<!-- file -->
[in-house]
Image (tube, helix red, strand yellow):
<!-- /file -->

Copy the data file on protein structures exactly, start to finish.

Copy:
[in-house]
Image (tube, helix red, strand yellow):